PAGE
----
OLD TREES In March, the Council lopped the top off the beech tree by the NE entrance. We knew it was going to happen. The tree has love hearts, etc carved on its trunk and because we asked, the Council has left most of the trunk standing. Also, we wanted it left as a habitat for river wildlife..
NEW TREES The Council have been putting in new trees. One is special.. for into the ruins of the old beech tree by the ping-pong table, we’ve got the Council to plant a Serbian Spruce.
In a few year’s time, it will be somewhere to sing our Xmas carols under… It’s A TREE IN A TREE
FoRP was granted £700 by the West Edinburgh Neighbourhood Partnership which has allowed us to make temporary repairs to the toilet block. We have had the leaking water main fixed, which has caused ponding this past 5 years; this will prevent further deterioration. We gave boarded over the roofing felt and collapsing roof with waterproof board and removed the trees growing out of the roof. And we hace replaced a rotten fascia panel.
These works will make the building wind and watertight as we work to get quotes and funding for its refurbishment into a cafe.
We put in two stepping stones for kids to get into Roseburn Park today.
They’ll be able to get over the wall from the school to the new playpark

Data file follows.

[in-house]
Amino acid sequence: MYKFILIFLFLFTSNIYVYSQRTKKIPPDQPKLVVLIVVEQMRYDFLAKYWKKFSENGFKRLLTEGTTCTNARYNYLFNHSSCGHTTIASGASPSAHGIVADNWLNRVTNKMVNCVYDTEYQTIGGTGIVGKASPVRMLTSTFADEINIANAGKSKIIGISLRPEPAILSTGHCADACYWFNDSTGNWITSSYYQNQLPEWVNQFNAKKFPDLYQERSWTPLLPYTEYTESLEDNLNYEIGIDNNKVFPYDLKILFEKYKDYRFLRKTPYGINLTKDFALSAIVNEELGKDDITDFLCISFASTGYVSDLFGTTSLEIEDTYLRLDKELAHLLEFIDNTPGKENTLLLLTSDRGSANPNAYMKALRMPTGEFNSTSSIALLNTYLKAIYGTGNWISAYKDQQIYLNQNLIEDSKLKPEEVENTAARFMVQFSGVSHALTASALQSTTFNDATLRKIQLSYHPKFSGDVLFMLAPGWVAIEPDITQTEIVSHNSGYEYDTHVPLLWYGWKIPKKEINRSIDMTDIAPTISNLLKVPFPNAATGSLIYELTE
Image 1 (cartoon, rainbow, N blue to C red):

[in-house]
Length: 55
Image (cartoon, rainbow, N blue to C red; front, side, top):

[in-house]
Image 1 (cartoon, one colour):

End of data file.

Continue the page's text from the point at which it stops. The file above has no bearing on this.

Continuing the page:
in a short cut from Roseburn Av. We were worried about them crossing
the road at number 32 Roseburn Place because it’s a bit of a blind
junction there and many speeding cyclists. It’s taken us 3 years to
negotiate this with the Council. Thanks to a local resident for
providing and transporting the stones
We only got 20 people rather than the 60 we were expecting (we got 60 last time, two years ago). We shall need to explore why turnout was so poor; it may not be worth doing it again. But those who came enjoyed it. Some asked for the link to the film online; to see it, click here
The Lord Provost, Cllr Frank Ross cut the ribbon to launch the long-awaited Roseburn Play park on 7th Dec 2018. Costing £90,000 and almost 10 years in development, the playpark had been held up by the flood defence works. The old playpark catering for a small age range – kids up to 6 – was worn out and was cold in the shadow of Murrayfield stadium. And the flood defences left it isolated and cut off from the rest of the Park. The new one is at the east entrance of the Park in an open sunny spot, has much more equipment and caters for children up to age 12.
It’s taken a long time and almost didn’t happen. In 2016, the then convener of the Council Environmental Committee, who oversaw the £23M Flood Prevention scheme at Roseburn, Cllr Leslie Hinds, fought to ensure that Roseburn did not lose out in the face of the austerity cuts that were crippling the Council. The West Edinburgh Environmental Sub-Committee stepped in to ensure the playpark was built. Council staff David Sinclair (local Environment Manager) and Ritchie Fraser (Parks officer) worked with Sub-Committee Convener, Cllr Robert Aldridge after the Friends of Roseburn Park (FoRP) made a successful plea for funding to the Sub-Committee in January 2016, to ensure the project went ahead. Council playpark design staff James Galloway and Alan Grevers then worked with Friends of Roseburn Park who brought in the schoolchildren at Roseburn Primary School to help shape the design.